assert_eq!(ASSETS[1].contents_str, "… contents file_b\n");
    assert_eq!(ASSETS[2].contents_str, "… file_c\n");

    // Also, variables `base::x::y::MY_FILE` are generated (named by file path):
    assert_eq!(base::my_assets::FILE_A.contents_str, "… contents file_a\n");
    assert_eq!(base::my_assets::FILE_B.contents_str, "… contents file_b\n");
    assert_eq!(base::my_assets::folder::FILE_C.contents_str, "… file_c\n");


Now that you have a general idea of the library, learn how to integrate it with your project.

Getting started

  1. Add the dependency iftree = "1.0" to your manifest (Cargo.toml).

  2. Define your asset type (MyAsset in the introduction).

    This is a struct with the fields you need per file. Alternatively, it can be a type alias, which may be convenient if you have exactly one field.

  3. Next, filter files to be included by annotating your asset type with #[iftree::include_file_tree("paths = '/my/assets/**'")].

    The macro argument is a TOML string literal. Its paths option here supports .gitignore-like path patterns, with one pattern per line. These paths are relative to the folder with your manifest by default. See the paths configuration for more.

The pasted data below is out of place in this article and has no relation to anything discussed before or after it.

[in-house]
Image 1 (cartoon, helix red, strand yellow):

4. When building your project, code is generated that uses an initializer to instantiate the asset type once per file.

    By default, a field contents_str (if any) is populated with include_str!, a field contents_bytes is populated with include_bytes!, and a couple of other standard fields are recognized. However, you can plug in your own macro to fully customize the initialization by configuring an initializer. For even more control over code generation, there is the concept of visitors.

  5. Now you can access your included file data via ASSETS array or via base::my::assets::MY_FILE variables.